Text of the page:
NVIDIA Maxwell Speculation Thread

Discussion in 'Architecture and Products' started by Arun, Feb 9, 2011.

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  1. fbomber

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    No. Completely different situations. False advertising is illegal. It´s even a crime in many countries. You can not lie to a consumer to make he/she buy your product, as it would be fraud.

    Even if it was just a mistake by Nvidia, those that were mislead by the company´s statements which misrepresented the product and feel cheated should be compensated. Consumers have the right to know what they are buying.
     
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  2. Dave Baumann

    Dave Baumann Gamerscore Wh...
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    Perfectly understandable that this would be "discovered" by end users rather than theoretical noodling around. For one, the tools for the end user have got better (or at least, more accessible) to be able to discover this type of thing. Second, the fundamental interconnects within a GPU are not the parts that are ever discussed, because largely they aren't necessary to know about; additionally ASIC "harvesting" characteristics often change between relatively minor architectural changes, or even from chip configurations within the same family.
     
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  3. Rys

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    They are making the consumer whole again if that's what they want.

    As to having a right to know what you're buying, nobody is obliged to disclose the architectural details of their processor up front. You're within your rights to buy it and return it if it doesn't do what you were expecting for the money you paid, but having the details NV are in trouble over, as part of that expectation, is luxury.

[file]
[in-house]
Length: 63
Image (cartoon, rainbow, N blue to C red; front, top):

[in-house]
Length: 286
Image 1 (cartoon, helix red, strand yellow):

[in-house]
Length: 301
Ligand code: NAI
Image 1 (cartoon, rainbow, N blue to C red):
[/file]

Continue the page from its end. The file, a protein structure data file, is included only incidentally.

The details are disclosed to reviewers because the enthusiast segment "sells" boards to other segments via recommendation. As soon as that stops being profitable for the vendor, disclosure will go away. This furore puts that in danger, in my opinion anyway.
     
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  4. firstminion

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    That's preposterous.
     
  5. firstminion

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    I would say that the asymmetry puts the (theoretical) Memory Bandwidth value in jeopardy and that is a memory specification. http://www.geforce.com/hardware/desktop-gpus/geforce-gtx-970/specifications

    We don't need to pander nvidia, if they don't want to disclose architectural details, don't disclose it. But if they do, bite the bullet.
     
  6. 3dilettante

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    The specifications can be argued as being derived from the physical capability of the DRAM chips and physical interface of the GPU, which are straightforward and physically true.
    It's also unclear if the bandwidth number cannot be reached in certain situations. The articles on the subject focus on read bandwidth, but what if one partition has reads and the other has writes?
     
  7. Ryan Smith

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    Then you can achieve the 224GB/sec. Though pulling that off in practice is very hard, which is why NV doesn't even activate the last segment until you need the extra VRAM.

    (The write bus is shared, just like the read bus. So to get 224GB/sec you need to be able to co-issue reads and writes every last cycle. Otherwise if there's a block, you quickly lose bandwidth)
     
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  8. pjbliverpool

    pjbliverpool B3D Scallywag
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    I remember when Microsoft promoted the Xbox 360 as a 1TFLOP console. I wonder what would have happened if people had been equally offended by that.
     
  9. dbz

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    Just out of interest, how often do these kind of things go to court? I seem to remember a similar situation (re: advertised features) regarding the 2900 XT's UVD status. Checked through a couple of old threads here ( and here), but the issue seemed to have just hand-waved away or magically disappeared
     
  10. snc

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    Reading from last 512mb vram in gtx970 is 22GB/s, and pci express 3 is 16GB/s so no big difference, but to read from system ram we have to copy it to vram(16GB/s) and then read from vram, thats the difference ?